February 2, 2011


Kenny Dalglish's sure touch unveils foraging foursome to fear (Within a month Kenny Dalglish has lost a household name but rebuilt the front of his side. That takes some doing (Paul Hayward, 2/02/11, guardian.co.uk)

"I think the idea is to frighten a few people who come to Anfield. They are four really good footballers and they'll complement each other pretty well," said Kenny Dalglish, their manager. The new attacking Liverpool started to become visible as Gerrard and Meireles lined up in advanced midfield roles behind Dirk Kuyt. When Suárez disrobed it took him 16 minutes to locate the net in front of the Kop before his adrenaline wore off and the emotion drained him.

Carroll, dressed like a lawyer in a smart grey suit, was watching from the stands. Suárez had spent the previous day completing his work permit application and had yet to train with the squad. In the half-hour or so he was on the field he was imprecise at first but then speedy, agile and quick to exploit space, as befits a player who made his name in Holland.

On this meagre evidence he will torment centre-backs, who will fear his spearing runs, and confuse defensive midfielders, who will have to track his deeper moves. His goal, Liverpool's second, was fortuitous: an angled scuff which was rolling towards the line when Stoke's Andy Wilkinson tried to clear it and deflected the ball in off a post.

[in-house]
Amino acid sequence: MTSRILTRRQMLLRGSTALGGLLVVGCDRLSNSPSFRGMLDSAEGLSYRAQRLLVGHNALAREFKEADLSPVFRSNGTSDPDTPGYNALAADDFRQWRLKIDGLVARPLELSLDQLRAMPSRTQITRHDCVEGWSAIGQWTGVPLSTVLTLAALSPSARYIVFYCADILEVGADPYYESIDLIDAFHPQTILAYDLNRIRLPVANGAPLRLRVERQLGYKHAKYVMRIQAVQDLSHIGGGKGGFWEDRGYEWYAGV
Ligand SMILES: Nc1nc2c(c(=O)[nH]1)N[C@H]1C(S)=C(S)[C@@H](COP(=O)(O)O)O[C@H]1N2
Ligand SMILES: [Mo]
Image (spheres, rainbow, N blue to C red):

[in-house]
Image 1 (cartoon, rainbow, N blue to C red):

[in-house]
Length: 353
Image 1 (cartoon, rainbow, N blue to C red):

A formula to accommodate both Gerrard and Meireles, who scored the opener, behind the two new strikers could be problematic but football is not really about formations. The point is that Dalglish now has a quartet of foragers who will swing plenty of tight games his way. By an unforeseeable twist, losing the most expensive player to wear the Liver bird has broken the dependence on two star turns: Torres, who probably left months ago, in his head, and Gerrard, the over-burdened embodiment of all things Liverpool.

...is that defenses are so bad that if you attack them (with 6 to 8 players) you can blow them up. This gives a distinct disadvantage to teams that generally play defensively--as almost all smaller clubs do and Liverpool did under its past two managers--and a huge advantage to the ones that just attack from the get go. In practice, the most expensive sides tend to come up against opponents that yield too much to them and play for draws. The confidence of the big money clubs is then fed by undeserved results in a positive feedback loop. The most confident then win games just by virtue of trying to do so, against teams that--oddly to Americans--essentially aren't trying to win. On the other hand, even a good and expensive club that suffers a few setbacks will quickly lose confidence and then the losses will snowball because they aren't really trying to win either, just avoid losing again (see Arsenal almost every season and Chelsea and Liverpool this season). It's a sport that lives up to Yogi's old aphorism: 90% of the game is half mental.

Liverpool, by playing an attack-oriented front 6--Carroll, Suarez, Kuyt, Maxi, Gerrard, Mereilles--can rather rapidly re-establish themselves as one of the top clubs in the league, especially if they use Lucas as a defensive midfielder in front of a central defense of Skrtel and Agger with Martin Kelly crossing balls into the box from the wing and drifting back to help defend when needed. even just the commitment of money to two strikers creates a psychological perception that they are confident in attack, which in turn creates goals and wins by itself. Such are the vagaries of the game.

Posted by Orrin Judd at February 2, 2011 7:01 PM
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